Posted on 10 February 2000
It is a cliche that archaeologists destroy their important primary evidence: a properly managed excavation leaves no stone unturned. So, when archaeologists from Newham Museum Archaeological Services, the Passmore Edwards Museum and the Manor Farm Museum worked on almost 180 sites in North East London, all that remained of their sites were the archives preserved in the vaults of local museums. The archives included data from a large number of unpublished excavations, with very impressive Bronze Age material from the banks of the Thames. But, when the Newham Museum Archaeological Service was closed, the sites had to be rescued all over again - this time, from the obsolete technology in which the data was preserved.
Archaeologist Keith Westcott of the Archaeology Data Service explained, "The formats of computer files change rapidly: a file created in state-of-the-art software one year becomes obsolete the next, as the software is updated. Old disks are useless when the hardware is no longer available to read them. Then there is the problem that magnetic disks and tapes can become corrupted.
"If these files contain the only record of a site that has been destroyed, then it is very important that we take every possible step to preserve the data."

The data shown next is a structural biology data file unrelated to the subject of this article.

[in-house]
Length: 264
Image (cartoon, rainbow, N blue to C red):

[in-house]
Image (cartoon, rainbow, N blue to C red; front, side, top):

Using the latest computer technology, Dr Westcott and colleagues at the University of York, have rescued and preserved over 7,000 files containing some 120 megabytes of data that would otherwise have been lost for good. 'Ancient' software and 'archaic' formats have been uncovered, and the data in them moved to modern standards.
This is all that remains of almost ten years of field work and analysis all round north east London, by a variety of field units. The archive includes data from a series of unpublished excavations which together combines to provide important Bronze Age Thames wetlands information. It also includes data on excavations at Tilbury Fort, Stratford, Langthorne Abbey and Barking Abbey.
Prominent London archaeologist, Clive Orton responded to the news with delight. "This work has rescued from oblivion the work of many dedicated archaeologists over many years, and has restored an important part of their past to millions of Londoners."
In addition to preserving the data, the ADS's comprehensive web server means that the data is now available to anyone who is connected to the Internet. The online catalogue holds easily accessed information on over 350,000 archaeological sites in the UK.